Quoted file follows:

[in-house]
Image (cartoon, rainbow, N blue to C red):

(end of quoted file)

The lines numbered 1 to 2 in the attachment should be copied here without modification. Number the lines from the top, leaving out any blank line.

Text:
[in-house]
Image (cartoon, rainbow, N blue to C red):